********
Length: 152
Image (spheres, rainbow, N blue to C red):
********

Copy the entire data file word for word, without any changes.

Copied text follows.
Length: 152
Image (spheres, rainbow, N blue to C red):